International Travel Rules
US citizens and permanent residents, as well as asylees who hold valid Travel Documents have to be aware that different countries have different rules regarding entry and exit documents during international travel.
For example, when a person leaves the US, the person does not have to go through exit passport control, which exists in most countries of the world. Such exit passport control verifies if a person who visited the country was there legally, and if there was a violation of the internal laws, the person may have to pay fines and penalties before he/she exists the country, even if he/she is a US citizen.
It means that somebody who holds valid US entry documents, may still not be able to leave a foreign country if the laws of that country were violated.
To enter the US, a person has to be in possession of a valid US passport, or a valid passport of the foreign country and a US permanent resident card; or of a valid Travel document issued by the US; or an advance parole; or a valid passport and a valid US visa… The rules for entry documents for those who are coming to the US can be found here » .
Holders of the US issued asylee Travel documents usually must obtain visas before entering foreign countries. However, there are countries that allow US asylees to enter without a visa: Germany, Panama, and Costa Rico do not require visas for those who hold US issued asylee Travel document. Please note that rules may change, and independent verification is required before travelling to these countries. US asylees should also remember that they may not use any other documents for international travel, except for the US issued travel documents.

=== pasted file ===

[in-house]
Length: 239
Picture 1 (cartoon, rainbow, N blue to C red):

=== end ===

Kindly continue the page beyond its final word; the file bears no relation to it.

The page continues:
Further, in case of expired US issued travel documents, if the documents expired recently, and their holder had a good reason for not renewing the documents in time, US authorities may help to enter into the US. For example, a boarding foil may help a holder of the expired permanent resident card to come back home to the US. An advance parole may help to return those who left the country without prior due authorization, but have a right to come back to the US.